These, then, are the alternatives before the workers. Collapse of the whole existing structure in Britain, leading to conditions of famine and slow extinction for masses of the population — or the Socialist Revolution, leading to new life for all.
The capitalists and their propagandists in the working-class, the Labour reformists, try to frighten the workers from revolution by holding before them the spectre that revolution means “starvation,” that the workers depend on capitalism for their existence.
The contrary is the truth. That the workers can by the method of social revolution, and by the method of social revolution alone, rapidly overcome the difficulties of the present crisis, can rapidly reconstruct and extend production and build up exchange-relations with other countries, and win prosperity for all, has been already shown.
But it is, on the contrary, the continuance of capitalism that means starvation. For the whole basis of capitalism in Britain is going down. The former world trade domination is going down. The workers, if they depend on capitalism, can only go down with it. Already millions are unemployed, are brought down to the barest subsistence basis. Semi-starvation conditions spread, Millions, and yet more millions, will be “superfluous” before the process ends. Capitalism already grudges the bare subsistence basis, sees no way save to cut it down. Under the conditions of capitalism, the spectre of mass-starvation draws ever closer.
Forward to the fight for Socialism! Forward to the Social Revolution! There is no time to lose. To-day the workers are mobilising their forces to meet the new capitalist attacks. The spirit of fight is rising in the working-class.
What is the first need to-day? The first need is to unite the ranks of the workers against the capitalist attacks, to end the present divisions and sectionalism and reformist treachery which has opened the way to the capitalist victories, to organise the workers’ counter-offensive. How can this be done? By uniting on the basis of the immediate demands of the struggle on which all are agreed, by formulating our common programme of immediate demands and mobilising the entire army of the working-class behind them, by breaking through the fetters of reformist labour and trade union limits, and building up our independent organs of struggle and independent leadership. This is the aim of the Workers’ Charter campaign. Workers’ delegates from all over the country have drawn up the Workers’ Charter as the expression of the immediate fight ahead. The Workers’ Charter expresses the fight against wage-cuts and capitalist rationalisation, for the unemployed, for the seven-hour day, against imperialism and tariffs, etc. Here is the immediate line of fight, the first stage of the gathering workers’ fight against capitalism.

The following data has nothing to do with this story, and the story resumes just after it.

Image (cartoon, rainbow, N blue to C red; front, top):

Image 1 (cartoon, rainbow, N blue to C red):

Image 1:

But the Workers’ Charter fight is only a beginning. The more we go forward in the immediate fight against capitalism in the present stage of decline, the closer we are brought to deeper issues of fight against the whole system of capitalism. We are advancing to larger struggles, towards a new revolutionary stage. The issue of class-power, the issue of Capitalism or Socialism in Britain, draws close.
We need to prepare for this. We need to prepare the new forms of struggle. We need to build up a strong and centralised army of the working-class fight. How can this be realised? Only by building up a strong revolutionary party of the workers, a mass Communist Party, uniting all the workers who are conscious of the fight for socialism, spreading out throughout the working-class, throughout the factories, docks, mines, railways, drawing together the struggle and carrying it forward, drawing together the thousand forms of mass organisation factory committees, strike committees, in the unions, in the cooperatives, in the Workers’ Charter campaign, etc., uniting and leading the fight stage by stage to the revolutionary victory.
Without a strong Communist Party there can be no final victory of the working-class over capitalism. The Communist International is the world party of the working-class, of the workers’ socialist revolution; it is the leadership of the working-class victory over world capitalism. The workers in Russia built up their Communist Party, and with it to lead their struggle they overthrew the capitalists and the landlords and to-day advance to socialism. The workers in Germany have forged their Communist Party in struggle, and now, with millions mobilised around its banner, advance closer and closer to the final conquest of power. In Britain we are faced with the same issues and the same struggle. In Britain also, let us build up our mass Communist Party as the supreme need for working-class advance.
The fight to-day against the capitalist attacks, the fight around the Workers’ Charter, is only a beginning. Let us go forward in the present struggles, determined to beat back the capitalist attacks and make them give way to the workers’ offensive; determined to strengthen our ranks, to awaken and draw into the fight ever wider masses of workers, to build a mass Communist Party; determined to advance strong and prepared to the coming issues of war, of fascism, of classpower; and determined above all against every obstacle and every defeat to carry forward the struggle to the triumph of our supreme aim — to overthrow capitalism and realise the Workers’ Dictatorship and the Socialist Revolution in Britain.